Uncommon Valor is a look into the formation and operation of an advanced Special Forces recon company during the Vietnam War.
Code-named the Studies and Observations Group, SOG was the most covert US military unit in its time and contained only volunteers from such elite units as the Army's Green Berets, Navy SEALs, and Air Force Air Commandos. SOG warriors operated in small teams, going behind enemy lines in Laos and Cambodia and along the Ho Chi Minh Trail, tasked with performing special reconnaissance, sabotaging North Vietnamese Army ammunition, attempting to rescue downed US pilots, and other black ops missions.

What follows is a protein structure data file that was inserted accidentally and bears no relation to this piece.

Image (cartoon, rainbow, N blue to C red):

During that time, Forward Operating Base-2's (FOB-2's) recon company became the most highly decorated unit of the Vietnam War, with five of its men earning the Medal of Honor and eight earning the Distinguished Service Cross-America's second highest military award for valor. Purple Hearts were earned by SOG veterans at a pace unparalleled in American wars of the twentieth century, with casualties at times exceeding 100 percent. One, Bob Howard, was wounded on fourteen different occasions, received eight Purple Hearts, was written up after three different missions for the Medal of Honor, and emerged from Vietnam as the most highly decorated soldier since World War II's Audie Murphy.